In its request for costs, FMI asks our Office to recommend that GSA reimburse the costs associated with all issues it pursued from its first to its most recent protests. While GSA concedes that the protester should be reimbursed its costs of pursuing the protest challenging its exclusion from the last round of discussions, GSA asserts that the remaining issues either were not clearly meritorious and are severable from the discussions issue, or were issues raised in its first and second protests in response to which the agency took prompt corrective action.

With regard to FMI's first and second protests, we agree that the agency took corrective action promptly because the agency acted prior to the deadline for submitting its agency reports. When an agency takes corrective action before the due date set for receipt of the agency report, our Office views such action as prompt and will not recommend the reimbursement of costs. The Sandi-Sterling Consortium--Costs, B'296246.2, Sept. 20, 2005, 2005 CPD para. 173 at 2–3. Thus, with respect to the costs incurred by FMI in connection with those protests, we have no basis to recommend their reimbursement.

With regard to FMI's third protest challenging the evaluation of its proposal, these protest issues were not clearly meritorious. For example, the evaluators found FMI's proposal minimally acceptable under the technical expertise/staffing plan factor because one of FMI's key personnel lacked ample experience and had minimal time in some positions. FMI asserted that the RFQ did not specifically require "ample" experience. We disagree. [1] Task 2.4 required the contractor to provide personnel possessing and demonstrating knowledge, skills, abilities, expertise, and experience related to various work aspects. Based on these requirements and the fact that FMI's key employee possessed multiple, but short duration jobs, instead of longer term jobs, and had limited experience in certain required areas, the agency reasonably could conclude that FMI's proposed key employee was unacceptable. See Carlson Wagonlit Travel, B'287016, Mar. 6, 2001, 2001 CPD para. 49 at 3.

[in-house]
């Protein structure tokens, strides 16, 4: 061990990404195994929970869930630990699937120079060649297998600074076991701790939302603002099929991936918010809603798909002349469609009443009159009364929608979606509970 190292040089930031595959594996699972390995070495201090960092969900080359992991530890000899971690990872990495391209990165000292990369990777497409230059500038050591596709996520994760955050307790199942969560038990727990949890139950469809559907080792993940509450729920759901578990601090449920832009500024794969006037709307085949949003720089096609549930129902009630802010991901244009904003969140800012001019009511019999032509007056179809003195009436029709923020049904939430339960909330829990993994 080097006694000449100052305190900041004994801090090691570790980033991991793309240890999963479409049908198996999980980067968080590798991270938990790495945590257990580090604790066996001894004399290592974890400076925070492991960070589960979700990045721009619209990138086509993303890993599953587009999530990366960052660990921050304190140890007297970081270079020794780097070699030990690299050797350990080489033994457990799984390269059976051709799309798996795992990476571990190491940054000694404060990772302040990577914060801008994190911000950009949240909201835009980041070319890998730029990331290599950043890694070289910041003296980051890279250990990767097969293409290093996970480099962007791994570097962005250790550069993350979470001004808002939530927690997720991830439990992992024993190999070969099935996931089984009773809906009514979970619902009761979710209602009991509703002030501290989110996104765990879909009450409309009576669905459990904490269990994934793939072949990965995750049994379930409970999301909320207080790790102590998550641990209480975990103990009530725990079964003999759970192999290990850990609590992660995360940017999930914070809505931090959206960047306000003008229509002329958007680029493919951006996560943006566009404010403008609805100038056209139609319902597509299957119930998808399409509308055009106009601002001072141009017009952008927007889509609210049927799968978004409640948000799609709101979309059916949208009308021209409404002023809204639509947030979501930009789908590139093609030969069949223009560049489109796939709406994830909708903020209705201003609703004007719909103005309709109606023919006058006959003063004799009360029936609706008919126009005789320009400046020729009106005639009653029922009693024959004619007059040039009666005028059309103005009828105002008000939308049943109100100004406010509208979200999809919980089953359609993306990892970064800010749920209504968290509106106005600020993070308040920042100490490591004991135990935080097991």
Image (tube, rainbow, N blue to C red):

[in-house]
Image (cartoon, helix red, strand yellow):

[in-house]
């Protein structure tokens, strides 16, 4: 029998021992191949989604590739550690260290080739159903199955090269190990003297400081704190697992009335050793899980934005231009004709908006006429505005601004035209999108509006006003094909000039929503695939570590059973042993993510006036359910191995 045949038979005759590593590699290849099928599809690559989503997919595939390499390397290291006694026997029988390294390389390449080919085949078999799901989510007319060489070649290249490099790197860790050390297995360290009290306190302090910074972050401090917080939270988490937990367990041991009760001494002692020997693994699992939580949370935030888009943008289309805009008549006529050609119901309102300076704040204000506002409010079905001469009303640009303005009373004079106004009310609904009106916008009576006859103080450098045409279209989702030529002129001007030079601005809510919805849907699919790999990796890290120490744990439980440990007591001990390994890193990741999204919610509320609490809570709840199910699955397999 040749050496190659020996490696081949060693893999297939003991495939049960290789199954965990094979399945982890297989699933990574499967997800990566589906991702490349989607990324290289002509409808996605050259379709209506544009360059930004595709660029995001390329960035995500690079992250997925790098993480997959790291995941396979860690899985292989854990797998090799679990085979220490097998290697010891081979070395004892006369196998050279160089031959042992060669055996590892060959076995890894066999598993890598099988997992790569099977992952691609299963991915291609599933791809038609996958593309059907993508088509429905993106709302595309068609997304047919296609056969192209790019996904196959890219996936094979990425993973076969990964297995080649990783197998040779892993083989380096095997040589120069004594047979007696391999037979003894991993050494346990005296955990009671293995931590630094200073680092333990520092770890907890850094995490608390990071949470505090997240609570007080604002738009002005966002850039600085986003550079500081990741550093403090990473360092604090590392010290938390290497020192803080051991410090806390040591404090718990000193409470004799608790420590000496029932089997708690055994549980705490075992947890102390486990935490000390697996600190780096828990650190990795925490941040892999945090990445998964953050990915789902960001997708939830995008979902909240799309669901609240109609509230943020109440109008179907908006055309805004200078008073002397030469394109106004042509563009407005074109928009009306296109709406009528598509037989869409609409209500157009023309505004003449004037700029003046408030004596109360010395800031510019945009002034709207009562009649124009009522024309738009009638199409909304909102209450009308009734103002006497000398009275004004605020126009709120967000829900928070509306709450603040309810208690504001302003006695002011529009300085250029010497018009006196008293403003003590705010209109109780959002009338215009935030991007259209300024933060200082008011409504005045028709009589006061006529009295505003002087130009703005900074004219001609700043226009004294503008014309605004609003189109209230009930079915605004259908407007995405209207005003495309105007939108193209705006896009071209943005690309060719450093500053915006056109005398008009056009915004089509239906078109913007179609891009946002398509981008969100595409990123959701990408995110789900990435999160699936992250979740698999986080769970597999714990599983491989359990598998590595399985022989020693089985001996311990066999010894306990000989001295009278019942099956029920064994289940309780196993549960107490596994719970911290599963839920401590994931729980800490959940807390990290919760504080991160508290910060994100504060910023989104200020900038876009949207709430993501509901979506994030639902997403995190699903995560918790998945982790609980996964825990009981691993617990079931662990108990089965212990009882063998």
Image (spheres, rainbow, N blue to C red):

With respect to FMI's fourth protest regarding its exclusion from discussions, the agency does not dispute that FMI is entitled to reimbursement of its protest costs, but argues that the costs associated with protesting the lack of discussions are properly severable from the cost associated with FMI's unsuccessful evaluation challenges. We agree.

As discussed above, in our ADR telephone conference we pointed out that the agency's failure to include FMI in the last round of discussions was unreasonable. Our willingness to use ADR was an indication that we viewed the protest as clearly meritorious, and satisfied the "clearly meritorious" requirement for purposes of recommending reimbursement of protest costs. National Opinion Research Ctr.-Costs, B-289044.3, Mar. 6, 2002, 2002 CPD para. 55 at 3. We thus recommend reimbursement of FMI's costs for this protest ground.